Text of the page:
In preparation for its tenth anniversary next year, the Center plans a major exhibition of its artist members' work at the New York Public Library. Some 200 bookworks of all sorts will be included. Deadline for submission of slides is December 31, 1983.

LC to Join Plan to Film American Books

The Research Libraries Group (RLG) began in May to systematically get microfilm copies of American books published in the last quarter of the last century, most of which are now embrittled and endangered. This is a three-year superproject surpassing the Library of Congress's Brittle Books Program in scale and scope, and funded by NEH and Mellon. (For details, see p. 41 in the July issue.) In August it was announced that LC will join the effort by coordinating its own microfilming with RLG's and will even have its own assignment of types of books to cover. It has also agreed to improve the cataloging of the microfilms it makes, so that the other seven members of the project, and other libraries as well, can tell for sure whether a book has already been filmed and won't do it again by mistake.

Conservation Chemicals in Our Diet

For at least ten years, the World Health Organization has been approving as food additives (thickening agents) hydroxy propyl cellulose, hydroxypropyl methyl cellulose, methyl cellulose and sodium carboxymethyl cellulose, in amounts up to 25 mg/kg of body weight. This information is from World Health Organization, Technical Report Series #539, 1974, Toxicological Evaluation of Certain Food Additives....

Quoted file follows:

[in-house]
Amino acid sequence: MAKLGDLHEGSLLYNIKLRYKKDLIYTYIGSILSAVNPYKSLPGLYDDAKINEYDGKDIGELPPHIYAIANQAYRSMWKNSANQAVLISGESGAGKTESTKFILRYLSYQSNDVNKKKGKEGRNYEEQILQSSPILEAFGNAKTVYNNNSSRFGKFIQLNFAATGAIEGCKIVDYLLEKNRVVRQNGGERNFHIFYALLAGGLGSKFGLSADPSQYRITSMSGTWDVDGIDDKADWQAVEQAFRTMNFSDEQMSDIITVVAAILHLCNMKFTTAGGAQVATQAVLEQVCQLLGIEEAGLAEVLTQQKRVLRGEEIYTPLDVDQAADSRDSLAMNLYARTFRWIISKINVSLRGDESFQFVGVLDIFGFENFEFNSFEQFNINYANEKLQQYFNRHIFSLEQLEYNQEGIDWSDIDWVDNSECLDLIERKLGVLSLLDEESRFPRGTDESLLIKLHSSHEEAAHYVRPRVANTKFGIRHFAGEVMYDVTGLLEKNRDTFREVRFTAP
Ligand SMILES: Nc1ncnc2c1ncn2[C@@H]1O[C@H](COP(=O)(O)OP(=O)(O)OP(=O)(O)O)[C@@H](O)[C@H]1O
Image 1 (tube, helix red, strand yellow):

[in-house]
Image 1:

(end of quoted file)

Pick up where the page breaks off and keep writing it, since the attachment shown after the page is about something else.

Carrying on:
Among the ingredients listed for Squibb Theragram-M High Potency Vitamin Supplement with Minerals are magnesium carbonate, silica gel, shellac, titanium dioxide, potassium iodide, ethyl cellulose and carnauba wax.

Architectural Records

The Canadian Centre for Architecture has initiated the Canadian Architectural Records Survey. The purpose is to collect information about the location, contents, and accessibility of architectural records across the country.

Contact: CARS, 1440 Ouest rue Sainte-Catherine 2ème étage, Montréal, Qué. H3G 1RB, Canada.

The National Archives